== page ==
17.06.2010 | ხუთშაბათი
By Jesse Tatum and Vazha Burduli
From environmental catastrophe to violence, our world currently faces serious challenges with long-term consequences. In this context, what do people in the Caucasus consider to be the most acute problems?
From environmental catastrophe to violence, our world currently faces serious challenges with long-term consequences. In this context, what do people in the Caucasus consider to be the most acute problems?
Regarding the greatest threats to the world today, the spread of nuclear weapons and poverty are foremost on the minds of people in the South Caucasus, according to the 2009 CB.
20.06.2010 | კვირა
Looking at the recent data from the Global Attitudes Project of the Pew Research Center, we came across a curious survey item. Who do people across the world think will win the World Cup?
02.07.2010 | პარასკევი
Freedom House has just released its Nations in Transit report for the year 2010. The report attempts to quantify democratic development in Central European and Eurasian states by observing 8 separate factors – for instance, Electoral Process and National Democratic Governance - which affect the level of democracy in a given country. Each category is graded on a score of 1 to 7, with 1 representing the highest level of democratic progress, and 7 representing the lowest. Much of the media attention has typically focused on Russia.
05.08.2010 | ხუთშაბათი
The 2010 Georgian Constitutional Reform in the Eyes of the Public report is now available. As a product of the study commissioned by the Netherlands Institute for Multiparty Democracy (NIMD) and carried out by CRRC-Georgia, it presents the results of the opinion survey on constitutional and governance processes and their development in Georgia.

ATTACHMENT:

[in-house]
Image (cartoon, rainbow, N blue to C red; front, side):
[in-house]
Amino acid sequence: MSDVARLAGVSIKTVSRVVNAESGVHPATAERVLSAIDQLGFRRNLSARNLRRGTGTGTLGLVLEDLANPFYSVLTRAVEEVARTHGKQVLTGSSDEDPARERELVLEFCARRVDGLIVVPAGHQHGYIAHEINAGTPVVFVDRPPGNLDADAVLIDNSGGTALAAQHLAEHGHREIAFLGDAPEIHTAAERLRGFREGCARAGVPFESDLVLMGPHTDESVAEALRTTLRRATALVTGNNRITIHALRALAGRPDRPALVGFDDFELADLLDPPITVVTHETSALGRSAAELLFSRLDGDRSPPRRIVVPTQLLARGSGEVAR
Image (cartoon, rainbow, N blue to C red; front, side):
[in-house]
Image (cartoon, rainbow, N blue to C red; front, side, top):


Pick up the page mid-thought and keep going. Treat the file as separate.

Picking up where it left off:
23.08.2010 | ორშაბათი
Over the last few weeks and months, we have regularly posted updates about what's going on, and where we stumbled on information we thought was interesting. We think these are useful contributions: small snippets, searchable, easy to find through Google, and a way for us at CRRC to think about synthesizing complex research into a handful of paragraphs. Note some of the emerging themes, such as the question of life satisfaction.
25.08.2010 | ოთხშაბათი
When presenting our work, or talking about it informally, we are asked fairly similar questions: do you do your interviewing in all of the country? How do you select the respondents? How do you know they are not lying to you? Are people willing to say things critical of the government? How do you design a questionnaire?
27.08.2010 | პარასკევი